When setting up a business, it is important to know what records and accounts you need to keep from the very beginning. Starting up any business and dealing with the practicalities makes for a busy time, but neglecting your records can be costly and time-consuming. In the long run, staying on top of your records will ultimately help you to: keep track of your finances and cash flow; avoid penalties; hold accurate information about your business; plan for your business' future.
The records you need to keep will depend on the type and size of your business, however all businesses must follow basic bookkeeping procedures.
All businesses need to keep track of two areas: incomings and outgoings. For incomings, you will need to keep hold of any accounting records, till rolls, paying-in slips, sales invoices and bank statements acquired. Important outgoings records will be: receipts, cheque book records, purchase invoices and bank or credit card statements. These are basic essentials which any business must take care to record properly and keep safe.
If you are a starting up as a limited company (i.e not a sole trade), there are further records to keep. All limited companies must keep the following: dividend allocations and payments; articles of association; details of company share ownership.
Any company which is registered limited must also complete and return a number of documents each year. These include: Company Tax Return (with form CT600); statutory accounts; Corporation Tax; return to Companies House; a signed set of accounts to Companies House.
Depending on the nature of your company, there are number of other records which you may have, such as a register of members or directors.
All businesses employing workers will need to organise their documentation relating to employee payment. This is very important as it ensures that you are paying the right amount to your employees and allows you to keep track of these expenses. You are required by law to keep the following PAYE records: payments to employees; National Insurance, Tax and Student Loan payment deductions from wages; benefits and expenses paid to employees; statutory payments (sick or maternity leave).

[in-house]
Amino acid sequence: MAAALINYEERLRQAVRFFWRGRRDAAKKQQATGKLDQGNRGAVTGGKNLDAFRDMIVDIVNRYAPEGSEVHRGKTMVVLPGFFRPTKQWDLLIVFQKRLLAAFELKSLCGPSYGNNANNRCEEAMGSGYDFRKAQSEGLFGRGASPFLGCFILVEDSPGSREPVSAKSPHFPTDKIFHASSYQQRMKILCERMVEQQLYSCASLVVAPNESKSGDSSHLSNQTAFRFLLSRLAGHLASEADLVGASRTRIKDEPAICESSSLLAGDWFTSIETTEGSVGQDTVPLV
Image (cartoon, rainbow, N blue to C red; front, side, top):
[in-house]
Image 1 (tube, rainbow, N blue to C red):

All VAT registered businesses are required by law to keep the following records for at least 6 years: VAT sales and purchase invoices; a VAT account; all export and import documents.
VAT registered business will need to complete and return a VAT return form every quarter (4 times a year). This will include details of the following: what you owe or are owed by HMRC; what you have paid any supplier; what you have charged any customers.
Whatever kind of business you are setting up, getting to grips early on with your records can ensure that your first year of trade runs as smoothly as possible. With modern computing and accessible data programmes, it is easier than ever to produce a bookkeeping system which works for you and your business.